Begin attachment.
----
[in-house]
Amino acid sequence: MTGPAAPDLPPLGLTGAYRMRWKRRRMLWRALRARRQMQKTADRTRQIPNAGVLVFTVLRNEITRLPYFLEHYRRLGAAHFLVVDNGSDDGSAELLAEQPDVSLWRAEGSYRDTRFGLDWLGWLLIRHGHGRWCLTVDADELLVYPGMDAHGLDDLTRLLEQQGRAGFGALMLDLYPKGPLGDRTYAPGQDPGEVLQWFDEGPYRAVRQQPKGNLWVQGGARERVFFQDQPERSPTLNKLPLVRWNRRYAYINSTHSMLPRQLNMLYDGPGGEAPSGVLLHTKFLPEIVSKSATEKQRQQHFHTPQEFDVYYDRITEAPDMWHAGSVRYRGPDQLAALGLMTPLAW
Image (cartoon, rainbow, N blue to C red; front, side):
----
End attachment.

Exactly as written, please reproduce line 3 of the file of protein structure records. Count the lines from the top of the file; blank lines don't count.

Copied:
Image (cartoon, rainbow, N blue to C red; front, side):